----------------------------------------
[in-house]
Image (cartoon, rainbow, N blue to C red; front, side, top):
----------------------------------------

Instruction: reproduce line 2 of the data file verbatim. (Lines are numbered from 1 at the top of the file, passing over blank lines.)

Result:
Image (cartoon, rainbow, N blue to C red; front, side, top):